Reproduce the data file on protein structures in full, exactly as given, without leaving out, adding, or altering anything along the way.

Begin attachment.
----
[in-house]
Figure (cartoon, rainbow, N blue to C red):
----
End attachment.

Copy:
[in-house]
Figure (cartoon, rainbow, N blue to C red):